MOST COMMON PAIRS OF LETTERS
I'm now working on getting the spacing correct between characters. To do this efficiently it would be good to have a list of the most common pairs of letters. Not all pairs of letters but the (say) twenty most common pairs. I could then get the spacing of those perfect.
This seems like the kind of task that a writer of pearl scripts could dash off
or maybe the list is published somewhere?
Mike, no matter what the letter forms of the script are, I still think you'd get an ideal basic spacing by doing a comparative text for each glyph. I.E. if you are evaluating an Aleph, use a similar string
|א| OאO SאS IאI VאV סאס באב ןאן שאש
Add as many comparision pairs as you need, and compare them in subsequent lines.
Only after that, start by evaluating actual text, and only when you are entirely satisfied with the basic sidebearings, then start to consider adding some kerning…
Well I suppose we are unlickly to agree! I am happy when I work in a meaningful rather than mechanical way. What follows is some common words in Hebrew and I feel I must get the character spacing right for them because they are so common. (The example is NOT an example of good spacing as I'm in the middle of designing the letters so they will be spaced well.)
I'm amused that לא ("No") is reported as the most common spoken word in Israel!
Michael Cunliffe Thompson
Seascapes and Landscapes of New England and...
Hebrew Calligraphy at http://cunliffethompson.com/font
I am happy when I work in a meaningful rather than mechanical way.
So I am, but you need both. My process is not mechanical at all, I'm just bad at explaining it in English… :=(
We'll see what I can do…
Looking through a siddur I don't see any nikud or cantilation below a Mem Sofit.
Is this always true?
I like the visual effect of having the bottom stroke of the Mem Sofit well below the baseline - it makes it an impressive end character to a word.
I think you should redesign your nikkud to match the letters better.
The nikkud is too "straight" with 90 deree and 180 degree angles, which are traditional shapes for traditional designs.
The font employs many non-traditional angles, which gives it its informal appearance. I suggest the nikkkud should be similar.
In that way, if I set Hebrew poetry, which often has nikkud, the whole look would match.
I would employ larger elements, with non-traditional and informal-looking nikkud to match the letters. Don't be afraid to increase the height of the nikkud. This allows the vertical strokes to be at an angle.
If the nikkud is the squarish accent(s?), I agree.
At least, make the corners rounder, treat them in a way similar to the one you used for the letter strokes… :=)
P.S. Israel, sorry if I did not post anything, I'm having really little spare time and I am trying to devote it to my type work…
Go hebrew and piccic
About the design of the nikud, I agree I need to have non-traditional shapes that match my font. More work!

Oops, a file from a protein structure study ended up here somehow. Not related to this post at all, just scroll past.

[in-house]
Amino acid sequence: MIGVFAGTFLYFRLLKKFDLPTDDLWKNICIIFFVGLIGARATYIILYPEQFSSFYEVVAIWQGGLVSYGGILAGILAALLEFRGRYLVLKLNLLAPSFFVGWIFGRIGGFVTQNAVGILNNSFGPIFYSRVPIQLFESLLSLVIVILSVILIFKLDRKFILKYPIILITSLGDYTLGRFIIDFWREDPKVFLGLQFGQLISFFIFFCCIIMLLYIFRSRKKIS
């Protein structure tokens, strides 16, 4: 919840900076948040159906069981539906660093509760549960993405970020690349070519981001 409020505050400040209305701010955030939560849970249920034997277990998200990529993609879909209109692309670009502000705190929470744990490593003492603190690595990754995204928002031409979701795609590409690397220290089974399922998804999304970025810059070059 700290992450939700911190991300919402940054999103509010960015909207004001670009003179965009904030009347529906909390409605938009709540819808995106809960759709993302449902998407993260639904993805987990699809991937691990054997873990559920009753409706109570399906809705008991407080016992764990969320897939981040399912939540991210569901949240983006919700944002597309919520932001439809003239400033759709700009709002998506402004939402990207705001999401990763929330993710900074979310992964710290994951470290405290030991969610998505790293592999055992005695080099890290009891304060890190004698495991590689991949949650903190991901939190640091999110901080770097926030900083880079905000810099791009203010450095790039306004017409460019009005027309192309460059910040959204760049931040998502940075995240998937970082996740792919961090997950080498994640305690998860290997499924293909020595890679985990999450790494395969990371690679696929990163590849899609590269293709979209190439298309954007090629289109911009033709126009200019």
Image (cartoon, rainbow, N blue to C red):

But your did not comment on my question:
IS IT TRUE THAT MEM SOFIT NEVER HAS NIKUD OR CANTILATION?
The final mem has one nikkud, the chirik, positioned on the extreme right. It is used to indicated the correct pronunciation under the non-apparent yud which should have appeared before the mem sofi.
I don't believe that there are any cant. marks under th final mem. There are some under other final letters.
John Hdson has database for every cant. mark in the Bible, and can tell yu for sure. Right, John?
> IS IT TRUE THAT MEM SOFIT NEVER HAS NIKUD OR CANTILATION?
See: 2 Samuel 24:16; Jeremiah 7: 22; Judges 18: 17
John has database on his pc, but David has a database in his head. Too bad he can't burn a CD for me.
Maybe I should add to the release notes for my font:
NOT TO BE USED FOR 2 Samuel 24:16; Jeremiah 7: 22; Judges 18: 17
I looked at 2 Samuel 24:16 and saw the chirik is almost under the previous character and my new design of mem sofit did not obscure it. I see also that if delete the mem sofit the chirik stays put!
I did not find the promised examples in Jeremiah 7: 22 or Judges 18: 17.
When I began this thread I spoke of the horrors of Cabin Fever in New England.
Well this winter was more eventful than most... The snowplow got stuck in our
driveway and a second snowplow could not pull it out. Eventually an enormous tow truck succeeded. That's not all, we had the Ice Storm. Actually there was no wind, only
a gentle rain that froze on the branches which eventually fell under the weight.
Through the strangely silent night we could hear the crack and thump of falling
limbs and trees until the power lines had been brought down in hundreds of places. It took eleven days for the power to be restored. But now its spring and the "winter work" on my font is complete.
SEE THE NEW VERSION 3.2 OF MIKE HEBREW AVAILABLE FOR FREE DOWNLOAD AThttp://cunliffethompson.com/font
The font is now more unified in style and the letters fit together better.
I have added some new examples of its use to my web site.
Fixed all problems with Mike Hebrew Bold:
Fully mixed directional glyphs are chosen
Added ucircumflex and circumflex glyphs